In his book, fashion designer Mark Ecko, without embellishing anything, talks about his successes and failures on the way to creating a world-famous brand.
He boldly dreamed and achieved a lot, fell painfully, but quickly learned life lessons.
Now he can proudly show his battle scars to others in “Unlabel “.
Ecko describes in detail the process of creating and developing a brand based on the “authenticity formula” that he derived.
This book is available as:
“Formula of Authenticity”
An authentic brand, whether it’s a personal brand or a corporate brand, under which many different products are produced, is a living, developing organism.
Whatever you do, an authentic, original brand will become a compass for you, indicating the right direction in times of economic downturn, when choosing a management style or creative approach.
He will help you survive the attacks of critics.
Without a compass, you can easily go astray under the influence of external forces.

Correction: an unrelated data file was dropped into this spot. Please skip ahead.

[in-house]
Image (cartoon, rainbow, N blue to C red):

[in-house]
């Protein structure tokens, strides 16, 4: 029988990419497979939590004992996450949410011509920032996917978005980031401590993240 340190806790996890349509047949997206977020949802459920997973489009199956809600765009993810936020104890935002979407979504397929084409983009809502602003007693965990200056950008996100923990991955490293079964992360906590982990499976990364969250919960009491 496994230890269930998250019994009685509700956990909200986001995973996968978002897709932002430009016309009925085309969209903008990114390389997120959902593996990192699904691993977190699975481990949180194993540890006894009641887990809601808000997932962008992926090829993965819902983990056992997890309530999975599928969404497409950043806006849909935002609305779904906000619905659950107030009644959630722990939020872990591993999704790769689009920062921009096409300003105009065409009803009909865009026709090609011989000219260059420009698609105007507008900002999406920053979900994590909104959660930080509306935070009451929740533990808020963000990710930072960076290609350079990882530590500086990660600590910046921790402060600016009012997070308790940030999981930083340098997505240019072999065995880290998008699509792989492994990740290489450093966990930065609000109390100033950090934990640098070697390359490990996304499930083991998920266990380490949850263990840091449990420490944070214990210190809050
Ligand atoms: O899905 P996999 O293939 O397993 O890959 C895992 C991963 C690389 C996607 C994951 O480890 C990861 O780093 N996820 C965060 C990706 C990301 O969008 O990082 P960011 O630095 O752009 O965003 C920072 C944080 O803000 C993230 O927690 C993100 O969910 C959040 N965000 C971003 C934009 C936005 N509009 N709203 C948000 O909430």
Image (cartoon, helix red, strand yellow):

“Do not let yourself be labeled black or white, a Jew or a student of the pharmaceutical department of Rutgers University, a graffiti artist, or the president of a company. Do not allow yourself to be driven into a hole. And let the supermarket don’t know where to put you: on a shelf in row number 3 or in row number 7 ”.
The Mark Eco brand began in the first half of the 1980s in the garage of a parent’s house in Lakewood, New Jersey.
In high school, Marc began airbrushing t-shirts and selling them to classmates.
Over the next 15 years, he managed to build a multi-million dollar retail business. Talking about his career, Eco describes how he came to the “formula of authenticity” on the path to creating his own brand.
In his presentation, “Authenticity is equal to your Unique voice multiplied by Truthfulness, plus your Potential of change, multiplied by the Radius of psychological impact raised to the power of the Imagination Force”.
The designer formulates his main advice to beginning entrepreneurs as follows: “You must learn to force yourself to break out of the herd,
“But I Could Draw Anything”
Mark Milekofsky was a fat boy with oddities.
He liked computer games and comic books. He also loved to draw.